Sean Ross

Contributing Columnist

 

Ross On Radio: Radio Now Sells Music, But Who's Buying?

Ross On Radio: Radio Now Sells Music, But Who's Buying?

For years, radio was emphatically not in the business of selling records. Now, major broadcasters have launched various label/artist initiatives and pre-release specials of superstar albums have become a regular part of the landscape. But how can radio sell records at a time when an increasing number of listeners are choosing to stream, not buy? We have some thoughts.
Ross On Radio: Top 40's Fall Checkup, Part II

Ross On Radio: Top 40's Fall Checkup, Part II

With readers divided on the state of top 40, our look at the format's vital signs continues. And while there are few signs of an early '90s-style collapse, we may be facing a true doldrums this time.
Ross On Radio: Top 40's Fall Checkup, Part I

Ross On Radio: Top 40's Fall Checkup, Part I

This week, one Ross On Radio listener tweeted that he felt the format was going into a downturn. Another wrote to remark that the format had seemed to miss its once-customary early-decade doldrums. So it seemed like a good time to take a look at the format's health, from ratings to available product. Here's part one.
Ross On Radio: Staying In The Continuous Music Business

Ross On Radio: Staying In The Continuous Music Business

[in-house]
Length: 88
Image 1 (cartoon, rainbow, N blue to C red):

With radio's renewed emphasis on "live and local" as its franchise in a world of proliferating audio choices comes the tacit suggestion that broadcasters may have to get out of the "continuous music" business, rather than offer a spot load competitive with today's new offerings. That would be a shame, because nobody knows more about playing "continuous music" than radio.
Ross On Radio: Fitting Everywhere By Fitting Nowhere

Ross On Radio: Fitting Everywhere By Fitting Nowhere

The folk/dance hybrid currently at No. 1 on the Mainstream Top 40 chart recalls another time of genre-busting nearly 30 years ago: Bruce Springsteen and Arthur Baker; Michael Jackson and Eddie Van Halen; Prince, with or without collaborators. Billboard Top 40 Update's "Ross On Radio" column looks at the causes and finds that, oddly enough, it's easier to get on the radio now with a song that doesn't just fit in one place.
First Listen: Miami's 103.5 The Beat

First Listen: Miami's 103.5 The Beat

We haven't seen many major-market R&B/hip-hop sign-ons lately. Or stations that try to beat the competition by playing harder hip-hop than the other guy. Clear Channel's recently relaunched Miami station, 103.5 The Beat, is both those things. And we take a First Listen.

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